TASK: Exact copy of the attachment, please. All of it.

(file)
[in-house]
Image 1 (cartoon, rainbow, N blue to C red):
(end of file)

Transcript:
[in-house]
Image 1 (cartoon, rainbow, N blue to C red):